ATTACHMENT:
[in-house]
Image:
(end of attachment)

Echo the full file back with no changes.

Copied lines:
[in-house]
Image: